Welcome To 2011: Worst Potholes Ever, Los Angeles?
The year of the pothole: 2011
Are these the worst potholes in Los Angeles in modern times? We had the second wettest December on record (leading to some pretty deep craters), the city budget is on thin ice (leading some to wonder who will fill the holes), and friends are starting to post photos of their popped tires on Facebook.
Of course, for nearly every pothole, even in a city that perennial medal winner in the worst roads in America contest, there's a politician who says he'll fix 'em right.
This year we present two: City Council President Eric Garcetti and Councilman Jose Huizar, who took to the podium last week to announce that they're fighting to get more cash for the Street Services department so it can send workers curbside.
Good idear, guys.
Garcetti even said 50 crews would head out over the weekend to fill 15,000 holes as part of "Operation Pothole."
Except that, as the Weekly's Simone Wilson reports, all the press conferences and hype in the world won't cover up the fact that fewer potholes are being filled than last year -- and last year saw a city budget disaster so bad that even Mayor Antonio Villaraigosa stepped up and admitted street craters couldn't be a priority.
Bill Robertson, director of the Bureau of Street Services, says last year's "Operation Pothole" lasted two weekends and filled more than 350,000 craters. This year he says we'll be lucky to see 250,000 of them filled over just one weekend (a second one is not in the budget).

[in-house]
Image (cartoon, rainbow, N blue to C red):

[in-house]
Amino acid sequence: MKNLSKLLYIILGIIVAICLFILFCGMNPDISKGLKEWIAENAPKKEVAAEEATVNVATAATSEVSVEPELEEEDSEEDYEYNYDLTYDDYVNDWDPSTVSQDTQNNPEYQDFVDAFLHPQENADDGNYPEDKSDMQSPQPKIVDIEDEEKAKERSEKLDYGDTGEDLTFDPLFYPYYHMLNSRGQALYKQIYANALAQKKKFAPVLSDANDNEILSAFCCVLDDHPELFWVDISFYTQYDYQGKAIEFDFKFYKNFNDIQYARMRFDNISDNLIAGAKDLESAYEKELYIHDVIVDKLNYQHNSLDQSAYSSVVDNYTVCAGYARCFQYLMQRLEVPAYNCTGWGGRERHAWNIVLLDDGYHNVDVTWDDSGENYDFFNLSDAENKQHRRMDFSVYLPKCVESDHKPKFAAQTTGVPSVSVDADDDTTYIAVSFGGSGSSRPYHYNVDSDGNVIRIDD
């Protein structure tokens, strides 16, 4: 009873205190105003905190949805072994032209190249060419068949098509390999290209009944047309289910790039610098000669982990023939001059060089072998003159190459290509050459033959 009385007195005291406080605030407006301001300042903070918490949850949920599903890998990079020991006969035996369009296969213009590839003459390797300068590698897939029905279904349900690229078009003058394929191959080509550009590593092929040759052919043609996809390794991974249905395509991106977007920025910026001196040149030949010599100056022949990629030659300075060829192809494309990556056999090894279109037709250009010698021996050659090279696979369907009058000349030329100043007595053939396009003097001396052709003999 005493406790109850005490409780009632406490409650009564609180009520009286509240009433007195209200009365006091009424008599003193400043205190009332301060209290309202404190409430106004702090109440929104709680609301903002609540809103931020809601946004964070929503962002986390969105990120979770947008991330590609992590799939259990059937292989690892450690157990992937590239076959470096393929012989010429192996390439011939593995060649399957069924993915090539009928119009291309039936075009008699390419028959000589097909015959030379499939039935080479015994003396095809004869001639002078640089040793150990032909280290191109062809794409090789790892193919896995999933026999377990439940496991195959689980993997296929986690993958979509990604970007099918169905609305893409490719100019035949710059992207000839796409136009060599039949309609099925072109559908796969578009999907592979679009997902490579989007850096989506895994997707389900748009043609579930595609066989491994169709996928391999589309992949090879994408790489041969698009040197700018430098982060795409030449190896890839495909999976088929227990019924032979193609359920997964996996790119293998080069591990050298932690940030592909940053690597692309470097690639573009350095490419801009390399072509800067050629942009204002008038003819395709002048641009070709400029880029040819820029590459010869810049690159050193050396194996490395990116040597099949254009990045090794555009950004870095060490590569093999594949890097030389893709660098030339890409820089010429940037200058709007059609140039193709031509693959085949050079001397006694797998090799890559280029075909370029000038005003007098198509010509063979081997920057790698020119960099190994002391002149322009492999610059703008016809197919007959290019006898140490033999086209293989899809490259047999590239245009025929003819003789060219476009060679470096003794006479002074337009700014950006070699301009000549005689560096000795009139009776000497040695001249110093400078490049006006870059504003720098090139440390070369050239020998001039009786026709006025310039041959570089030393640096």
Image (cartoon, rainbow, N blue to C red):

So good luck with those popped tires and cracked rims.
Or commenter of the day, Joseph, has a typical pothole nightmare:
I hit a pothole Xmas night, had a flat, couldn't get a tow company to respond, and had to fiddle with the tire myself in the rain. I caught something between bronchitis and pneumonia and was out for ten days. You can bet I'm going to try to bill the city for the tire--which had just been checked and was in perfect condition (It's not often you get compliments on your tires, but I did), and I shudder to think of anyone but an experienced city worker filling these things.
Potholes shmotholes, you might say. So what. In the scheme of things -- policing, firefighting, paramedics -- they're a minor nuisance.
Then again, how can we sell L.A. to the world as the entertainment capital and the high-tech city of the future when our streets consume hubcaps like New York in the 1970s?
By the way, here's your claim form, Joseph. Happy driving.
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